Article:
Human Rights Group Alleges Shiite Militias Killing Sunnis in Retaliation for ISIS Attacks
The Islamic State has been slaughtering Shiites by the thousands as it rampages through Iraq and Syria. A new report by Amnesty International claims that members of Iraq’s Shiite majority are retaliating with atrocities of their own. The report, released on Tuesday, alleges that since the self-proclaimed Islamic State started grabbing territory in Iraq, Shiite ...
The Islamic State has been slaughtering Shiites by the thousands as it rampages through Iraq and Syria. A new report by Amnesty International claims that members of Iraq's Shiite majority are retaliating with atrocities of their own.
The Islamic State has been slaughtering Shiites by the thousands as it rampages through Iraq and Syria. A new report by Amnesty International claims that members of Iraq’s Shiite majority are retaliating with atrocities of their own.
The report, released on Tuesday, alleges that since the self-proclaimed Islamic State started grabbing territory in Iraq, Shiite militias supported by the Iraqi government have abducted and shot dozens of Sunni civilians, apparently in retaliation for the Sunni extremist group’s attacks on Shiites. Many of the Sunnis being killed have no apparent connection to the Islamic State, and just seem to have been in the wrong place at the wrong time, the report says.
"Scores of unidentified bodies have been discovered across the country handcuffed and with gunshot wounds to the head, indicating a pattern of deliberate execution-style killings," the international human rights group stated on Tuesday. The group’s report is based on six weeks of interviews with victims, observers, and government officials in central and northern Iraq between August and September.
The report finds that some captives have been killed even after their families paid ransoms worth tens of thousands of dollars to the militia groups. An Iraqi government official told Amnesty’s team that "those who are kidnapped by these [militiamen] have little chance of survival, no matter how much their families pay." Bodies of targeted Sunnis have later appeared in local morgues, some bearing injuries consistent with torture, such as bruises, open wounds, and burns, the report says.
The militias, which include Asaib Ahl al-Haq, the Badr Brigade, the Mahdi Army, and Kataib Hezbollah, several of which receive direct Iranian support, "have further risen in power and prominence since June, after the Iraqi army retreated, ceding nearly a third of the country to IS fighters," Amnesty reports. It adds that the attacks are occurring at a level not seen since the country’s worst period of civil violence, in 2006 and 2007.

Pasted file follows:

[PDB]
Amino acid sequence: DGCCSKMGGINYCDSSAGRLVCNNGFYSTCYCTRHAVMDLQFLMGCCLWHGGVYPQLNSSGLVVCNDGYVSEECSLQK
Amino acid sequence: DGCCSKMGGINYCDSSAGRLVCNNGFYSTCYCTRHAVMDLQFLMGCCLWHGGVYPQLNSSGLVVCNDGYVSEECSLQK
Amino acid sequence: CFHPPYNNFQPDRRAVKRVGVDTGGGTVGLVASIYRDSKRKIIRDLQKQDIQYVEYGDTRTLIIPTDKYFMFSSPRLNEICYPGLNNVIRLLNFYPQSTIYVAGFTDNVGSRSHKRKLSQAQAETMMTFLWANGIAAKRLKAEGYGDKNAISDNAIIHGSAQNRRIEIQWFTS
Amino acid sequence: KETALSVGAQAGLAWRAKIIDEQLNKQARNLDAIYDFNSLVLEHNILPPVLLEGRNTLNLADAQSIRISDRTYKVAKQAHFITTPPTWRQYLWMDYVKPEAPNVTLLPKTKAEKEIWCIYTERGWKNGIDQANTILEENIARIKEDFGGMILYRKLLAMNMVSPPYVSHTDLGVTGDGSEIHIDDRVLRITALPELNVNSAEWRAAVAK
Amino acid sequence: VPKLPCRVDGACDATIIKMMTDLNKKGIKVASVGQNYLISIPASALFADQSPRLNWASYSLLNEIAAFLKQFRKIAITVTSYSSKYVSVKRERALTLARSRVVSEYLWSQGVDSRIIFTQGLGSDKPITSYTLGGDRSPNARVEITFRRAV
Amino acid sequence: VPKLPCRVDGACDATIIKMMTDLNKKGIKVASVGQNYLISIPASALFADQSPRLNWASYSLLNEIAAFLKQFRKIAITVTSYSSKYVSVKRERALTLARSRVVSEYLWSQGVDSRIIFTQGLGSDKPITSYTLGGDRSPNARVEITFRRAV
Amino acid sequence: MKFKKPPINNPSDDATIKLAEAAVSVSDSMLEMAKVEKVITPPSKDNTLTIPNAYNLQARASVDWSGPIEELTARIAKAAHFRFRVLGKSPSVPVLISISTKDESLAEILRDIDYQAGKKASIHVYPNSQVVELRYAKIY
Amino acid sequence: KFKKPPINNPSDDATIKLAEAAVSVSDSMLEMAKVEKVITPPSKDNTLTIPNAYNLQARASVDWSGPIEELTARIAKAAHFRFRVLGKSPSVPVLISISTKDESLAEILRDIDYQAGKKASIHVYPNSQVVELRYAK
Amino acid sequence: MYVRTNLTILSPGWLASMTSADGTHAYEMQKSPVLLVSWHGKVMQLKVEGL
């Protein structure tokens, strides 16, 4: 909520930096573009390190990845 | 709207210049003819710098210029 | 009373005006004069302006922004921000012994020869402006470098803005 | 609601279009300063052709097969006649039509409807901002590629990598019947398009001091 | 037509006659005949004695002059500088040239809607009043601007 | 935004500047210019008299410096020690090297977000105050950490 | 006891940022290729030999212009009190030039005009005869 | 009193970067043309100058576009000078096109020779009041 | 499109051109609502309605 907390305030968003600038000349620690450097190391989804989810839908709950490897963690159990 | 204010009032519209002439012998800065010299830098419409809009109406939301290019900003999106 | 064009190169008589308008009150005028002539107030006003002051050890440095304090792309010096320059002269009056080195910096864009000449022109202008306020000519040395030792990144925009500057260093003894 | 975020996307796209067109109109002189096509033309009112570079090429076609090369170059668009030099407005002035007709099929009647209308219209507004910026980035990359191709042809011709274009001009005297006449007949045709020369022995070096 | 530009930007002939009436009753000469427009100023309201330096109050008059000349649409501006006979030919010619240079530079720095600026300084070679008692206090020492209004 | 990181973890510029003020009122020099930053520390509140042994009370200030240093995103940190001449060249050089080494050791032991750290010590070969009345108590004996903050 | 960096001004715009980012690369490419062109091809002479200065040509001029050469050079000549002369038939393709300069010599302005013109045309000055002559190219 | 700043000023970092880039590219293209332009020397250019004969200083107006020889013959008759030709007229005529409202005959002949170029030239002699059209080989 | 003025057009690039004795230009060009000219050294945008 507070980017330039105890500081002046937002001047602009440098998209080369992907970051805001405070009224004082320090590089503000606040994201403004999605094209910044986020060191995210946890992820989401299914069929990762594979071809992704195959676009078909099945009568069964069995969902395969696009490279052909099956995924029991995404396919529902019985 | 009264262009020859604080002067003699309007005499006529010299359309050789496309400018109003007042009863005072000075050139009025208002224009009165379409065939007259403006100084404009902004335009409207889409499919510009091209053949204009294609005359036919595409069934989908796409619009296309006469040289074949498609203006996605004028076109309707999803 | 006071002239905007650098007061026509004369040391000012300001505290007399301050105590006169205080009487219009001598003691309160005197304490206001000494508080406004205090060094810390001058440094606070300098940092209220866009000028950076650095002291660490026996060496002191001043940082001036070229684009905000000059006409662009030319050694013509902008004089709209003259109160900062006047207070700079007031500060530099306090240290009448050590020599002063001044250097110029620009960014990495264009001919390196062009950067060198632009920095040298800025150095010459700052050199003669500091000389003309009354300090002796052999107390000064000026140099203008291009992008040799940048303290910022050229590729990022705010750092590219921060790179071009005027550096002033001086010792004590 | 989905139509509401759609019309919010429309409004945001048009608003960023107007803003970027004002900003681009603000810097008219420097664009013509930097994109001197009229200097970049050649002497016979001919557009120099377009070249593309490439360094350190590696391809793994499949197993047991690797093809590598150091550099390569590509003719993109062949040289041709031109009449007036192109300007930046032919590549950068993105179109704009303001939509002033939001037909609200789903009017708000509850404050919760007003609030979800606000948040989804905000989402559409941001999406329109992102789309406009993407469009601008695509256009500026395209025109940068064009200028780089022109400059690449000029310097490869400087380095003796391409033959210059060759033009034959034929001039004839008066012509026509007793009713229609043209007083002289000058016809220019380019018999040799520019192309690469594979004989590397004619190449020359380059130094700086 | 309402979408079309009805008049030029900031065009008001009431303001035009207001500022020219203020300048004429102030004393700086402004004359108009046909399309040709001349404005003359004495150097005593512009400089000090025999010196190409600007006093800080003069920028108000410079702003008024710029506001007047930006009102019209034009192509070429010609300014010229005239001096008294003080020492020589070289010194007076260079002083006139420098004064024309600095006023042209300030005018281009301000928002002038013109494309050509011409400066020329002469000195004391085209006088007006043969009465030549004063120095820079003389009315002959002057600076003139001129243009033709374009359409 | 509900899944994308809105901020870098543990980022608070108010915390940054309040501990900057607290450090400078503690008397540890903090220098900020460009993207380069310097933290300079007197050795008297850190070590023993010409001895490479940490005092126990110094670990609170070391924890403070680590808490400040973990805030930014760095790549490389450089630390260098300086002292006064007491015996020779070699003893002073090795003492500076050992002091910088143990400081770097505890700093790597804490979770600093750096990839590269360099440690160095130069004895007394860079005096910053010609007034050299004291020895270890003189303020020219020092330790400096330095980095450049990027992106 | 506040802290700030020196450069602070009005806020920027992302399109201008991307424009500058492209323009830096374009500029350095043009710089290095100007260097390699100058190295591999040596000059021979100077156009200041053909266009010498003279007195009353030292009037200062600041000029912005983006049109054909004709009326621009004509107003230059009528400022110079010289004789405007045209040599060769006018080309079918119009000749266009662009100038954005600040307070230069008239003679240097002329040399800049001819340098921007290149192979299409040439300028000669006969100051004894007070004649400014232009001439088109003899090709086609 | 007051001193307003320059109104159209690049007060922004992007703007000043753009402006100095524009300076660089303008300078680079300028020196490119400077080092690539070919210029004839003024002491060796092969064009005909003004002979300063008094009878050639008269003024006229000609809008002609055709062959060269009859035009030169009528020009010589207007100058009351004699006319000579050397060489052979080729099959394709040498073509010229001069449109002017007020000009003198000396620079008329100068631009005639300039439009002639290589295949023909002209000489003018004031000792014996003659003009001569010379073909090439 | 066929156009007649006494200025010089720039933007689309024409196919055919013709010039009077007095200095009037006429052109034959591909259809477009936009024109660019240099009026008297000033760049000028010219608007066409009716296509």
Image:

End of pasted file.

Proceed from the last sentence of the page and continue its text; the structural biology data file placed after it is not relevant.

Since the overthrow of Saddam Hussein’s Sunni-based government in 2003, Shiites have taken over most key Iraqi security and intelligence services and enjoyed strong Iraqi government support, which has allowed them to act with impunity, the report says. Government oversight is scant amid the chaos wrought by the Islamic State, which is also known as ISIS and ISIL.
A government official told Amnesty, "Sunni men of fighting age who come from, go to, or live near areas where there are IS groups tend to be considered by many militias to be terrorists or terrorist supporters and that is why they often get killed, whereas some militiamen target Sunnis in blind revenge for the crimes committed by Sunni terrorist groups."
"The new Iraqi government of Prime Minister Haider al-Abadi must act now to rein in the militias and establish the rule of law," Amnesty’s Donatella Rovera said in the group’s statement.
The report adds that the Iraqi Army itself has also been involved in human rights abuses, and that the government is responsible for allowing the militias’ abuses to occur.
While the claims in the Amnesty report are terrible in and of themselves, their consequences are perhaps even more frightening: that they could encourage more people to sympathize with and join the Islamic State.
Justine Drennan was a fellow at Foreign Policy from 2014-2015. Twitter: @jkdrennan
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